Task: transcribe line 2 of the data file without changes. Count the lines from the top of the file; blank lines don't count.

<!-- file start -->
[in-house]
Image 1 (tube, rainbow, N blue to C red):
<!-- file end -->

Image 1 (tube, rainbow, N blue to C red):